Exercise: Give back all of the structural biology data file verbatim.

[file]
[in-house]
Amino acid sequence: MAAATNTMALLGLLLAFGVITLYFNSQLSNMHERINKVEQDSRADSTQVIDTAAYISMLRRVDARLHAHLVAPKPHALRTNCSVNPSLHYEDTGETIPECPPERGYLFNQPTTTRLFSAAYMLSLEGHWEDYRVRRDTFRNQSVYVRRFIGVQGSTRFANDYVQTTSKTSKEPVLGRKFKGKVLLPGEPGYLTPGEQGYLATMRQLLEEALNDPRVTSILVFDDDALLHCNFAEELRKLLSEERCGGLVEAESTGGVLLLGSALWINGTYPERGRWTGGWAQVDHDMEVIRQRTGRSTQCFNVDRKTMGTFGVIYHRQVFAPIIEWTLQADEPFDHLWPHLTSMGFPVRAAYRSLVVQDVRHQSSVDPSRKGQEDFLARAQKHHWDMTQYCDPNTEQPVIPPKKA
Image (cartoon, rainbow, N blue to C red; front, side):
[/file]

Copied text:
[in-house]
Amino acid sequence: MAAATNTMALLGLLLAFGVITLYFNSQLSNMHERINKVEQDSRADSTQVIDTAAYISMLRRVDARLHAHLVAPKPHALRTNCSVNPSLHYEDTGETIPECPPERGYLFNQPTTTRLFSAAYMLSLEGHWEDYRVRRDTFRNQSVYVRRFIGVQGSTRFANDYVQTTSKTSKEPVLGRKFKGKVLLPGEPGYLTPGEQGYLATMRQLLEEALNDPRVTSILVFDDDALLHCNFAEELRKLLSEERCGGLVEAESTGGVLLLGSALWINGTYPERGRWTGGWAQVDHDMEVIRQRTGRSTQCFNVDRKTMGTFGVIYHRQVFAPIIEWTLQADEPFDHLWPHLTSMGFPVRAAYRSLVVQDVRHQSSVDPSRKGQEDFLARAQKHHWDMTQYCDPNTEQPVIPPKKA
Image (cartoon, rainbow, N blue to C red; front, side):